CFL and LED use about 20% of the energy of conventional incandescent bulbs. If you have a lot of lighting, e.g. several outdoor lights which are left on all evening/at night, lights in corridors, and lights in living spaces, the savings mount up over the years.
Take a single 100 watt incandescent bulb in a room. If this is turned on for 4 hours in summer and 8 hours in winter, that's 6 hours on average per day, per year.
Total cost of energy at 12 c per unit is 100 / 1000 x 6 x 365 x 0.12 = $26.28.
CFL or LED gives an 80% saving in energy which is approx $21 per year for this example.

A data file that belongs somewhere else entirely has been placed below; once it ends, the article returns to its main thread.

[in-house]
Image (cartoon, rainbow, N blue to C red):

CFL lamps are more expensive at present than incandescent, and LED even more so. However the cost of LED lamps is dropping all the time as production increases and more people adopt this lighting technology. CFL lighting will eventually be replaced by LED which has several advantages over the former, including instant light availability and no warm-up period, long life (>50,000 hours) and no issue with mercury vapor content.
I don't know what the situation is in the US as regards displaying energy rating of appliances. In the EU, white goods must have a sticker showing the energy rating category, A being most efficient. Better insulation in fridges and freezers and less water use in washing machines result in less electricity being use.